For me, the main characteristic of a democracy is that it is a social order that respect human rights. For me, democracy and human rights go hand by hand. I believe that there cannot be democracy without human rights, and there cannot be human rights without democracy; there cannot be politics without human rights and there cannot be human rights without politics. This means: if what the government wants or promotes is a violation of human rights, even if most people agrees with it or consent it, doing that is not democratic, it is a crime against humanity. This, of course, requires a correct conception of the person: it requires to be able to see that everyone is a human being with human rights to be respected. It requires to be able to see that human rights cannot be applied upon convenience. It requires a model of personal formation that is rooted in the whole human person, not only on some convenient aspects.

Here comes again a question that I have made in earlier posts: if the correct vision of our human personal formation is so important, who defines it? Who defines what is being human? Who defines what is a “human right” and what defines the basic characteristics of our humanity? Embracing the responsibility of deepen this is a true service to the common good of our culture, our nation and the whole humanity.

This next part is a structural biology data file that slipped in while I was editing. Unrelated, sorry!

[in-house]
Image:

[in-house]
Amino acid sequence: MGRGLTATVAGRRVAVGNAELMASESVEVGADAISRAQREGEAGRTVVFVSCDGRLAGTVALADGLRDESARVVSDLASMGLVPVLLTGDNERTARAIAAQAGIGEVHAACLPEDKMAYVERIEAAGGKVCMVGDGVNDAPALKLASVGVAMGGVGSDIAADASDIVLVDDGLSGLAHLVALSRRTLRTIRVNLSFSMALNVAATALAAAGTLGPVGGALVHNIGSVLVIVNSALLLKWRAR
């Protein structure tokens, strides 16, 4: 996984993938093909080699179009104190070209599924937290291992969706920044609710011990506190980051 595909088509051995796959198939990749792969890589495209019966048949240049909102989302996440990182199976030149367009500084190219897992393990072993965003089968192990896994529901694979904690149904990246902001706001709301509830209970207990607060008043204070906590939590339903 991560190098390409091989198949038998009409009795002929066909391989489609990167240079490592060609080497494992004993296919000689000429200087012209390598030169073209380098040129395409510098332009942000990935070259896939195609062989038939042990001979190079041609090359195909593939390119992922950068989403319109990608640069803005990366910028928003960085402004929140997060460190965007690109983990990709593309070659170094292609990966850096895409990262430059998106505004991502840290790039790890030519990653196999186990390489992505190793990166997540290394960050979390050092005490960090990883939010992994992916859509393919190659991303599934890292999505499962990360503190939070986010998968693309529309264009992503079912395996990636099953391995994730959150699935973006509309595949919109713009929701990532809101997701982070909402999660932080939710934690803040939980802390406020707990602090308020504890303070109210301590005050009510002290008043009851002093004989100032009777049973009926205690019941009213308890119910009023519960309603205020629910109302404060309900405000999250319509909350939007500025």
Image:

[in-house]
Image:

We can see that in order to have a democracy, a state of law cannot enough by itself. It must be accompanied by a correct conception of the person. A democracy that embraces a vision of the personal formation that does not honor all the human rights of everyone would transform the state of law in an ideological dictatorship, turning laws and government services into tools to push specific ideologies.